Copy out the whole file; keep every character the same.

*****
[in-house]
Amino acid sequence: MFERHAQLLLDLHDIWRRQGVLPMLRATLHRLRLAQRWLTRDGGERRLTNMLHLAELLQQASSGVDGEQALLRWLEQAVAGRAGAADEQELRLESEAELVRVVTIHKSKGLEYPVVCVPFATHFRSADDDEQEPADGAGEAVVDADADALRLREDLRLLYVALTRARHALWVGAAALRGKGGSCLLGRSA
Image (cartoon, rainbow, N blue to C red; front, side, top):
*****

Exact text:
[in-house]
Amino acid sequence: MFERHAQLLLDLHDIWRRQGVLPMLRATLHRLRLAQRWLTRDGGERRLTNMLHLAELLQQASSGVDGEQALLRWLEQAVAGRAGAADEQELRLESEAELVRVVTIHKSKGLEYPVVCVPFATHFRSADDDEQEPADGAGEAVVDADADALRLREDLRLLYVALTRARHALWVGAAALRGKGGSCLLGRSA
Image (cartoon, rainbow, N blue to C red; front, side, top):